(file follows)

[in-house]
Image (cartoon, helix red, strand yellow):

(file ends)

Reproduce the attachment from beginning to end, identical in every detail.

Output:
[in-house]
Image (cartoon, helix red, strand yellow):